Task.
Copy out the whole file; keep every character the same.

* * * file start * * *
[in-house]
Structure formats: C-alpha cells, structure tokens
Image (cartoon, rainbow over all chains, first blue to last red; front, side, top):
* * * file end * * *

[in-house]
Structure formats: C-alpha cells, structure tokens
Image (cartoon, rainbow over all chains, first blue to last red; front, side, top):